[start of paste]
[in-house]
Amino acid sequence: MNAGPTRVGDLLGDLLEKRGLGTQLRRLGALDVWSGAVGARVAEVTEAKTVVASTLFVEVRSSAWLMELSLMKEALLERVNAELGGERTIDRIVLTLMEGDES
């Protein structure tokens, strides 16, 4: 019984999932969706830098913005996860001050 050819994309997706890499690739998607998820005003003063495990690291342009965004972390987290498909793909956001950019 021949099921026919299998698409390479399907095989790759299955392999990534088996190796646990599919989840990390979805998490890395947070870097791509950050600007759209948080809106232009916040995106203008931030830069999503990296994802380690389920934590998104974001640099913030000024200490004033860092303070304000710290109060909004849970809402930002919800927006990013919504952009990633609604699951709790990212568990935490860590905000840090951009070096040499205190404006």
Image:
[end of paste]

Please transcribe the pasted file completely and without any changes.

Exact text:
[in-house]
Amino acid sequence: MNAGPTRVGDLLGDLLEKRGLGTQLRRLGALDVWSGAVGARVAEVTEAKTVVASTLFVEVRSSAWLMELSLMKEALLERVNAELGGERTIDRIVLTLMEGDES
């Protein structure tokens, strides 16, 4: 019984999932969706830098913005996860001050 050819994309997706890499690739998607998820005003003063495990690291342009965004972390987290498909793909956001950019 021949099921026919299998698409390479399907095989790759299955392999990534088996190796646990599919989840990390979805998490890395947070870097791509950050600007759209948080809106232009916040995106203008931030830069999503990296994802380690389920934590998104974001640099913030000024200490004033860092303070304000710290109060909004849970809402930002919800927006990013919504952009990633609604699951709790990212568990935490860590905000840090951009070096040499205190404006």
Image: